A Stillness in the Pines: The Ecology of the Red-Cockaded Woodpecker

A Stillness in the Pines: The Ecology of the Red-Cockaded Woodpecker

by Robert W. McFarlane
     
 
From eastern Texas the remnants of a once-magnificent forest, nurtured by moisture from the Gulf of Mexico, extend a thousand miles to the Atlantic shore and as far north as Chesapeake Bay. This unique woodland gave birth to two woodpeckers, one large--the ivory-billed woodpecker, which has not been sighted in over ten years and which is almost surely extinct--and the

Overview

From eastern Texas the remnants of a once-magnificent forest, nurtured by moisture from the Gulf of Mexico, extend a thousand miles to the Atlantic shore and as far north as Chesapeake Bay. This unique woodland gave birth to two woodpeckers, one large--the ivory-billed woodpecker, which has not been sighted in over ten years and which is almost surely extinct--and the other small--the red-cockaded woodpecker, which may yet be saved.

Editorial Reviews

Publishers Weekly - Publisher's Weekly
With this carefully reasoned brief for the protection of the red-cockaded woodpecker, an endangered bird native to the pinewoods of the Southeastern U.S., biologist McFarlane combines ecology and activism. His approach makes the book a pleasing contrast to those technical treatments of the ecology of animals and plants that ignore human encroachment, as well as those picture books and essays long on sentiment but short on information about the reasons behind the conflicting needs of foresters and birds. Science, however, is difficult to present, and lay readers will have to wade through unfamiliar terminology (``desiccation-resistant,'' ``tarsi,'' ``homologous'') and research reports. Yet the rewards are ample, for the author brings us closer to ``viewinging the world from the perspective of a woodpecker'' and successfully documents that the plight of the red-cockaded woodpecker is attributable to the Forest Service's failure to follow the mandates of the Endangered Species Act. Photos not seen by PW. (Jan.)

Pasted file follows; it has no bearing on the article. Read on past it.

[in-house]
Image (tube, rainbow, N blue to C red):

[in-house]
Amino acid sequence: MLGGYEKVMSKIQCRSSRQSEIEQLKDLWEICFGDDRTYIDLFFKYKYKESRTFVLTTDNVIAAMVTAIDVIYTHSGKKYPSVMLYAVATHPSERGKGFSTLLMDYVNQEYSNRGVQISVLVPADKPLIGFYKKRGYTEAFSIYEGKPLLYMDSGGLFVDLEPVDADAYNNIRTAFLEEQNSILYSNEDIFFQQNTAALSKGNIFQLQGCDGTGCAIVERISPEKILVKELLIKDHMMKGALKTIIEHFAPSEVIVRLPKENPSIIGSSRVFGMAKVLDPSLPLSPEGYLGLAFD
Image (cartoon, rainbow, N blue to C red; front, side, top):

Library Journal
This commendable book tells the story of the decline of the red-cockaded woodpecker, a specialized inhabitant of mature Southeastern pine forests. McFarlane, a veteran professional ornithologist, is also a good writer with a fine sense of outrage and humor. Drawing from his research and that of many others, he engagingly summarizes the history of Southern forestry and lumbering, which, combined with the special requirements of these birds, threatens them with extinction. Along the way, the practices of several federal agencies, industry, and politicians come in for rigorous scrutiny. McFarlane also expertly describes the biology and life history of the red-cockaded and other woodpeckers. Complicating an already complex situation, in 1989 Hurricane Hugo devastated the habitat of the largest remaining population of these unique birds. A fascinating story, well told.-- Henry T. Armistead, Thomas Jefferson Univ. Lib., Philadelphia

Product Details

ISBN-13:
9780393030662
Publisher:
Norton, W. W. & Company, Inc.
Publication date:
01/01/1992
Series:
Commonwealth Fund Book Program Series
Edition description:
1st ed
Pages:
288
Product dimensions:
1.00(w) x 1.00(h) x 1.00(d)

Meet the Author

For over fifteen years the ornithologist Robert W. McFarlane has been involved—as researcher, expert witness, negotiator, and advocate—in the struggle to save the red-cockaded woodpecker. In this book he explains what is at stake.

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